It had been seven days since they’d slammed two torpedoes into our hull, breaking the back of our vessel and sending us scampering into our lifecraft. Seven days is a long time to float, lost and listless in an endless ocean. As supplies ran low, each of us started looking to the others, all too aware that the first to reach the edge of starvation would be the first to break.

Midway through the seventh day, that was when Hell broke loose.

The sounds first started near the back of the craft. I don’t know why, but that seems to always be where it starts. First it was low moans, followed soon by that horrible screaming as one of the more desperate turned on his fellows. Clawing and biting, the poor crazed fellow fell upon his nearest neighbor, no longer seeing the one who had pushed him aboard as the ship died, but only a source of the food he craved. The fight didn’t last long, but the sounds of it heightened tensions among all the survivors. Now the bunch of us knew that soon it would be one of us that became no more than so much meat for the rest. The smell of blood filled our nostrils, making all of us that much more desperate.

Soon the sounds of fighting filled the craft, and blood and torn flesh littered the deck. It was horrible, the craft became a charnel house as we all fought to get what we had to have to live. Some of the more sane, or at least crafty, waited, knowing that when those weakened by wounds or exhaustion lay panting and undefended, it would be their turn at the trenchers.

All too soon, the survivors had been reduced to less than half of what had started the journey. And now the cruelest part of the grand jest lay before us. Disease brought on by the festering dead would soon start claiming all those who were not in peak condition. The smell would become horrendous.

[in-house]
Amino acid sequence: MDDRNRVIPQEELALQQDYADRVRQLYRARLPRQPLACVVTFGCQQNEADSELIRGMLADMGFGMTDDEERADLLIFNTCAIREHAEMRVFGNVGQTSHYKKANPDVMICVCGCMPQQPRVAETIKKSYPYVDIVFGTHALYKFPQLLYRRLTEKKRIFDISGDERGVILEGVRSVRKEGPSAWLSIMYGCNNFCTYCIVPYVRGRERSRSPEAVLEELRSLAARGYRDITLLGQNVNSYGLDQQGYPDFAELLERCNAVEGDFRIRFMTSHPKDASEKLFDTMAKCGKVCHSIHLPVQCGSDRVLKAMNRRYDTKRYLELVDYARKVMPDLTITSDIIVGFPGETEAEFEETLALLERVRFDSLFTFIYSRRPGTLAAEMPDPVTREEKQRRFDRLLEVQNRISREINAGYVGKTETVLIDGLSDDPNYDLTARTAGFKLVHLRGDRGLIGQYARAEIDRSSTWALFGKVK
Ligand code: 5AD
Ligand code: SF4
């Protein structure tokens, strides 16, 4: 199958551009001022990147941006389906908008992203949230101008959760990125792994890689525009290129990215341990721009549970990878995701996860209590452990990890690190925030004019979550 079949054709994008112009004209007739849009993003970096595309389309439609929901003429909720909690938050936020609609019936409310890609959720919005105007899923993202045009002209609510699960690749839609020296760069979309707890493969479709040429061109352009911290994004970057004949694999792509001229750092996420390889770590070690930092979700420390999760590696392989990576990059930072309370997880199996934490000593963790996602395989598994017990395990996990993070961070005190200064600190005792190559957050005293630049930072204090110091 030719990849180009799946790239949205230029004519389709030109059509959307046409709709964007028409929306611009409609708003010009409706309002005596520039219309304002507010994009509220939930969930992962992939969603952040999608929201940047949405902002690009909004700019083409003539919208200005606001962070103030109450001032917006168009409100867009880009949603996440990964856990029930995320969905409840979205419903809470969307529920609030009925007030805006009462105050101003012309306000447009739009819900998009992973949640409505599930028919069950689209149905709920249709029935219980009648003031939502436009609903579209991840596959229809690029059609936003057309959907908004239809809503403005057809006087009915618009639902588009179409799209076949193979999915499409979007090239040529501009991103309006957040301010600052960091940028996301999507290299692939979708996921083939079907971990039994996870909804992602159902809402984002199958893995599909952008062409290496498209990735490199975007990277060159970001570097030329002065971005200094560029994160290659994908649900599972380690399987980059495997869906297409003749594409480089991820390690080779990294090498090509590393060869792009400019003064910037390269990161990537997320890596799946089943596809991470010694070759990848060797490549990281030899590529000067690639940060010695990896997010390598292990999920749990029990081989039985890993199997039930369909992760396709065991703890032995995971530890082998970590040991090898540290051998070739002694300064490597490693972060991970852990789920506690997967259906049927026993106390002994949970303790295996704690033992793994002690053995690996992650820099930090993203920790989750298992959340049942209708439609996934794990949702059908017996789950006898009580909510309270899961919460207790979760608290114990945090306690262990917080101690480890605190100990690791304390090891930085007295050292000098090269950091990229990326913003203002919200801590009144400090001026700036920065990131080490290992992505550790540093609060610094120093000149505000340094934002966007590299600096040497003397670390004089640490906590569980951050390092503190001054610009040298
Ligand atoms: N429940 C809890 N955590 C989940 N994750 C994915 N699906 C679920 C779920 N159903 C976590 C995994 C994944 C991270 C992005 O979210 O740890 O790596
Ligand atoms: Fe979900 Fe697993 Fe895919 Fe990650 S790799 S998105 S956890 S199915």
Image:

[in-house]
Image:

In two days most of us were crawling with vermin that had been battening on the gore that lay around us. The first signs of the horrors that lay ahead were starting to appear as those who had been just lightly wounded in the fighting now lay panting and gasping, their wounds starting to ooze and rot. Now we all knew that unless some miracle happened, we would all die a horrible death, very soon as the disease leaped from one to the next, borne by the vermin that infested us.

Three more days have passed. I am one of just a pitiful few that survived the attack and subsequent escape. Even now I feel the first burning fingers of infection crawling through my veins. I’m dead, but still move among the living.

As I lay amid the muck of the nest I had scraped for myself on the floor of our craft, I felt a shudder as something bumped the outside. Oh, the unkindest cut if salvation comes to us now, as I lay among the dead--still breathing. Another bump, sharper, to be followed by a grinding as our floating tomb scraped along the side of some larger vessel. A sudden lurch as this sepulcher is lifted from it’s watery host. A thump as it is set upon a wooden deck. With much creaking the hatch is forced, letting air and light in for the first time in almost two weeks.

As the hatch falls away, several of the stronger, more enterprising of the survivors scrambles out. They seek cover as the large alien creatures outside raise their voices bellowing disgust and anger. They pick up the battered craft and heave it over the side, back into the sea. As the craft fills with water and death finally claims me, I grin a rictus of pride. Once again, we’ve shown the humans just how tough it is to kill a bunch of rats.


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